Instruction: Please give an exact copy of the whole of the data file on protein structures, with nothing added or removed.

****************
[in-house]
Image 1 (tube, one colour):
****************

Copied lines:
[in-house]
Image 1 (tube, one colour):